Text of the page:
Philadelphia Newspapers, Inc. v. DEPARTMENT OF H. & UD OF US, 343 F. Supp. 1176 (E.D. Pa. 1972)

U.S. District Court for the Eastern District of Pennsylvania - 343 F. Supp. 1176 (E.D. Pa. 1972)
March 9, 1972

343 F. Supp. 1176 (1972)


Civ. A. No. 71-2798.

United States District Court, E. D. Pennsylvania.

March 9, 1972.

*1177 David Marion and Stephen Haberfeld, Philadelphia, Pa., Harold E. Kohn, P. A., Philadelphia, Pa., on the brief, for plaintiff.

Malcolm Lazin, Philadelphia, Pa., Louis C. Bechtle, U. S. Atty., Philadelphia, Pa., on the brief, for defendants.


JOHN W. LORD, Jr., District Judge.

This is a proceeding under the Freedom of Information Act, 5 U.S.C.A. § 552 et seq. (hereinafter the Act). Plaintiff[1] seeks to compel the defendants to provide it with the names of certain appraisers who have, allegedly, appraised, far in excess of their value, dilapidated homes. As a result of these appraisals, furnished to the Federal Housing Authority (hereinafter sometimes FHA), low income buyers, particularly vulnerable to misinformation in economic matters, have been victimized into the purchase of these homes. For reasons set forth within the opinion, we reject the government's claims that these records are immune from disclosure as part of intra-agency memoranda and/or as part of investigatory files, and grant the plaintiff's request.

Since August of 1971, the Inquirer has published a series of articles based on investigations by staff reporters. These articles have detailed the alleged over-evaluations mentioned earlier. The paper's Executive Editor, John McMullan, formally demanded, on August 30, 1971, that, pursuant to the Act, the paper be supplied with the names and addresses of staff appraisers employed by the FHA since January 1, 1969. This information was supplied, although a request for the names and addresses of fee appraisers[2] who had evaluated certain properties for FHA insurance was denied. The government refused the request because, it alleged, the information was "exempt from disclosure [under the Act] as intra-agency memoranda and as matter that [was] part of investigatory files."[3]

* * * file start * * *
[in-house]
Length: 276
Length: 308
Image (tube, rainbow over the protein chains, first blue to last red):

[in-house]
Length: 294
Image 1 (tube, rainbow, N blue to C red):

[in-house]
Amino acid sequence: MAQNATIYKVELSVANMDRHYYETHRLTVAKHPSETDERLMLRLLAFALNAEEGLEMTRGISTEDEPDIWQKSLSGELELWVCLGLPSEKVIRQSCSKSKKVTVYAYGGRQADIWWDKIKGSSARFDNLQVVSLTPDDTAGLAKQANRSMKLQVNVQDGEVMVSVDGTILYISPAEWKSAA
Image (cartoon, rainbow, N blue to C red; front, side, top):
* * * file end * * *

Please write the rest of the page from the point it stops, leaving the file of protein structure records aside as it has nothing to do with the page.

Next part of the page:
On September 30, 1971, plaintiff filed with Secretary Romney a petition for review of the regional administrator's denial; a review which was denied on November 11, 1971.


The history of the Freedom of Information Act establishes that its primary purpose was to increase the access of the public to information contained in government records. See, e. g., American Mail Line, Ltd. v. Gulick, 133 U.S. App.D.C. 382, 411 F.2d 696 (1969). Prior to enactment of this legislation, the prevailing statute was the Administrative Procedure Act, which was characterized as containing "loopholes which allow[ed] agencies to deny legitimate information to the public."[4] The present act, which grew out of the hearings which so characterized the old legislation, was obviously intended therefore not only to plug those loopholes, but also to restrict severely any exemption to the Act.